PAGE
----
Subclavian steal syndrome

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  • Stenosis of the subclavian artery, proximal to the origin of the vertebral vessel, results in decreased perfusion pressure to the distal subclavian artery, leading to retrograde flow in the ipsilateral vertebral artery with exercise of the ipsilateral arm. In short, the arm steals blood flow from the vertebrobasilar system resulting in neurologic and upper extremity symptoms due to arterial insufficiency. [1]
  • Increased incidence of left-sided subclavian stenosis
  • The presence of collateral blood supply is the main determinant of which patients develop neurologic symptoms
Subclavian Steal Diagram


Clinical Features

Symptoms in Upper Extremity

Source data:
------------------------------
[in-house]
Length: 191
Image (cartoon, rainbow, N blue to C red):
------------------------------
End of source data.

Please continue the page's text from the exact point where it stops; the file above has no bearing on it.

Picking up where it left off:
Neurologic Symptoms

Physical Exam Findings

  • Supraclavicular bruit, thrill
  • Systolic BP in ipsilateral brachial artery is reduced compared to opposite side
  • Ipsilateral radial pulse with decreased amplitude and delayed arrival

Differential Diagnosis [2]

Shoulder and Upper Arm Diagnoses



Refered pain & non-orthopedic causes:


Diagnostic Tests [3]

  • Routine testing for atherosclerosis: Lipid panel, Glucose
  • Doppler ultrasound
  • CXR, ECG
  • CTA, MRA
  • Angiography


Medical Management

  1. Treat atherosclerosis
  2. Antiplatelet therapy
  3. Anticoagulant therapy

Surgical Management

Indicated for symptomatic patients

  1. Angioplasty with endovascular stenting
  2. CEA (in patients with associated carotid stenosis) by increasing collateral blood flow
  3. Surgical bypass


  • If symptomatic, admit with consults to Vascular Surgery, Neurology
  • If incidental finding, consider close outpatient follow-up


  1. Potter BJ, Pinto DS. Subclavian steal syndrome. Circulation. 2014; 129(22):2320-3.
  2. De Lorenzo R. Syncope. In: Marx J, ed. Rosen's Emergency Medicine. 8th ed. Philadelphia, PA: Elsevier Saunders; 2014: 135-141.
  3. Berguer R, Higgins R, Nelson R. Noninvasive diagnosis of reversal of vertebral-artery blood flow. NEJM. 1980; 302(24):1349-51